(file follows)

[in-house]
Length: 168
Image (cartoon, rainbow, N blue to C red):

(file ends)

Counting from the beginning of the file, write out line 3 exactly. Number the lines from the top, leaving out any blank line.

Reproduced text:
Image (cartoon, rainbow, N blue to C red):